I shall die urging people to be reflective and to do ethical analyses but we must also admit (as in the Truog case) that it is not an exercise of balancing outcomes or justifying placing one moral value above another. Though these steps are important, sometimes they are not sufficient.



Wednesday, June 16, 2010

Questions about Cardiac Death and Organ Donation

Rosemary Flanigan
June 16, 2010

The May/June issue of the Hastings Center Report—and Don Marquis’ article, “Are DCD Donors Dead?" Don is a long-time friend of the Center and we have had many exchanges over the years.

Donation after cardiac death is the issue: removing organs as soon as possible is desirable, yet the donor must be dead. He knows that DCD protocols are widely accepted indicating that they are persuasive—but are they sound?

In a carefully worded argument involving irreversibility and permanence, Don argues that if a heart can be re-started, then how can the donor have been “dead”?

Maybe it is easier for me to see the donor as dead because of all those years I taught the philosophy of the human person. We are a coordinated whole; if a part of me can’t do its function because all the other parts can’t support it, then that part dies in me.

But it may be able to live in another functioning whole. What do you think?


Prosecutors, some doctors clash over painkillers

Myra Christopher, president of the Center for Practical Bioethics in Kansas City, Mo., said most government prosecutions appear to be well-founded but that the enforcement is having a "chilling effect" in the legitimate prescribing of painkillers.

"Physicians are very sensitive about these cases and when these cases get a lot of media attention ... it compels them to believe their fears are right," said Christopher

Link to article here.


Tuesday, June 15, 2010

The DNA Debate at UC Berkeley

Glenn McGee, PhD

June 15, 2010

So what’s the problem?

You’re an incoming first year student at a major university, and they send you a cotton swab for a DNA sample. It’s voluntary, anonymous and presented as a way to tell if you are vulnerable to certain health problems.

Simple, right? Not according to Glenn McGee, PhD, the John B. Francis Chair at the Center for Practical Bioethics.

In this edition of The Bioethics Channel Dr. McGee explores the ethical issues around the University of California-Berkeley program asking for DNA samples from incoming freshmen.


Podcast, 14 minutes 29 seconds

UC Berkeley offer to test DNA of incoming students sparks debate, Los Angeles Times, June 1


Friday, June 4, 2010

Organ Donation and Advance Care Planning: The Right Mix?

Tarris Rosell, PhD
June 4, 2010

What is interesting to me about what Mark Fox writes is his apparent recommendation of primary care physicians serving as advocates for potential living donor patients.

Currently, that prospective patient-donor enters the transplant program for evaluation as a living donor and becomes a patient there. And as good as most of those clinicians are (in my limited experience anyway), with attentiveness to the principles of respect for person’s autonomy and nonmaleficence, there is nonetheless an inevitable and inherent bias built into the evaluation process.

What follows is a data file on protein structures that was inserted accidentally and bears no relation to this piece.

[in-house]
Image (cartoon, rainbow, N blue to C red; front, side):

The bias, of course, is toward donation.

Donation is seen as “the right thing to do.” It is viewed by transplanters as a societal good—good for the organ recipient, and good for the transplant program. With recognition of that conflict of interest, Vanderbilt’s transplant center built in to their process years ago the option, not requisite usually, of an ethics consult interview with the prospective donor and the recipient. (I was one of the ethics consultants during a two year fellowship in the late 1990s. Mark Fox did his clinical ethics training there, as well.)

I believe the transplant ethics consultation service and fellowship has gone away now at Vanderbilt, and is surely not the norm most other places. So prospective living donors probably could benefit from someone outside the evaluating transplant program, perhaps their primary care physician, who helps them assess the risks and harms while balancing those against the potential for benefiting another.

If so, primary care docs will need to be educated on what living donor transplantation entails, since they may have biases, also, and those might not be well grounded in facts.

Link: Organ donation should be part of health discussions, Ethics Forum, American Medical News, May 31, 2010


Thursday, June 3, 2010

Top 10 Podcasts May 2010: The Bioethics Channel


Wednesday, June 2, 2010

Top 10 Practical Bioethics Blog: May 2010

Tuesday, June 1, 2010

The Ethics of Synthetic Cells

Glenn McGee, PhD
May 28, 2010

What have we done? And what does it mean?

Those are the questions after headlines exploded with news of a synthetic cell created from a made-from-scratch genome.

Lorell LaBoube, host of The Bioethics Channel, discusses the ethical implications of this emerging story with Glenn McGee, PhD, the John B. Francis Chair at the Center for Practical Bioethics.


Podcast, 16 minutes 35 seconds

How We Created the First Synthetic Cell, J. Craig Venter and Daniel Gibson, Wall Street Journal, May 26, 2010